Search form

menu menu
  • Daily & Weekly newsletters
  • Buy & download The Bulletin
  • Comment on our articles

Former Brussels mayor Freddy Thielemans dies aged 77

20131202 - BRUSSELS, BELGIUM: Brussels City mayor Freddy Thielemans pictured during a press conference of Brussels city council on the future stadium, in Brussels city hall, Monday 02 December 2013. (BELGA PHOTO VIRGINIE LEFOUR)
06:16 31/01/2022

Former socialist mayor of Brussels Freddy Thielemans died on Saturday evening at the age of 77, his successor Philippe Close announced on Sunday. Thielemans had a long career in Brussels politics, including 10 years as mayor.

"It is with a lot of emotion and sadness that the family of Freddy Thielemans has asked me to announce his passing,” Philippe Close said via Twitter. “As a result of an accident at home five years ago, Freddy Thielemans' health had deteriorated significantly."

“I wish to express my tenderness and affection to his wife, Cecile, and his two daughters, Myra and Camille, whom he loved so dearly. Brussels weeps today. Rest in peace, Freddy. Your inconsolable chief of staff,” Close added.

Thielemans was a popular figure who easily moved between high society and the street cafes of the capital. An intellectual and polyglot, he spoke several languages fluently and could operate in many others.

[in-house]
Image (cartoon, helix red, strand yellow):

He was also a man of the people - and a gifted harmonica player. One legendary story tells of how, on a warm summer night in the early 90s, the neighbours of a bar in the Saint Géry district called the police because of loud music and a noisy crowd. To their surprise, they arrived to find Thielemans on the pavement giving a mini-concert for the night owls.

Thielemans was introduced to politics by his grandfather Georges, who was a member of the Brussels city council for 49 years. Georges introduced him to Marxism and during his adolescence Freddy was a member of the Communist Youth, although he quickly left to plot his own course.

After some time working in education, he became head of the private office of the then Brussels mayor Hervé Brouhon in March 1983. In the meantime, he had also been elected president of the Socialist Party branch of the City of Brussels. After the municipal elections in October 1988, he became alderman for fine arts. At the end of 1993 he was given the education dossier.

After a tussle with political rivals in April 1994, Thielemans was sworn in for the first time as mayor, serving until January 1995. After serving in both the Brussels and European parliaments, he returned to the post in January 2001 and stayed in office until December 2013.

A man involved in many aspects of Brussels life, he withdrew after a fall at home in 2017 left him with a skull fracture and a brain haemorrhage. Thielemans remained in hospital for more than a month after the accident but would never fully recover.

He leaves behind a wife and two daughters.

Written by Nick Amies